Roemer, Nils

Director of the Ackerman Center for Holocaust Studies; Professor

Stan and Barbara Rabin Professor in Holocaust Studies

Office:  JO 4.808

Areas of Specialization:  My research interests are broadly in the field of modern Western European Jewish history, with a specific emphasis on German-Jewish history. I have a particularly strong interest in cultural and intellectual history addressing questions of popular culture and cultural memory. Areas where I can offer graduate supervision: Modern Jewish history, especially German Jewish history, Jewish historiography, literature and philosophy.

Education: PhD, History, Columbia University, New York, 2000
MA, History, University of Hamburg, Germany, 1993

Since Nils Roemer's arrival at UT Dallas in the fall of 2006, he has made it his goal to introduce himself to the various supporters and participants of the Holocaust and Jewish Studies Program at UT Dallas. During the last year, he met with members of the board, the Goethe Center, the Dallas Psychological Society, and local Jewish communities. Dr. Roemer has contributed to the continual fund raising activities of the Holocaust Studies Program at UT Dallas, including the endowments of The Jaffe Holocaust Library Funds; The Burton C. Einspruch Annual Holocaust Lecture Series; The Leah and Paul Lewis Chair; and the new Ackerman Challenge Fund; and a new endowment for a chair.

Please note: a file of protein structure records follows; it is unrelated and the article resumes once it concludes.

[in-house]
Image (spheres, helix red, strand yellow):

During the last few years, Dr. Roemer presented papers at various international conferences, organized several conferences, and published numerous books and articles. He is the author of Jewish Scholarship and Culture in Nineteenth-Century Germany: Between History and Faith (2005); he is also co-editor of German History from the Margins (2006); J├╝dische Geschichte lesen: Texte der j├╝dischen Geschichts schreibung im 19. und 20. Jahrhundert (2003). His forthcoming publications include German City, Jewish Memory: The Story of Worms (2010) and several co-edited volumes. His special fields of interest are Jewish cultural and intellectual history, addressing questions of popular culture and cultural memory.